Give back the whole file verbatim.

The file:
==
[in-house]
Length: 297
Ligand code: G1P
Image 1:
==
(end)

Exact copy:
[in-house]
Length: 297
Ligand code: G1P
Image 1: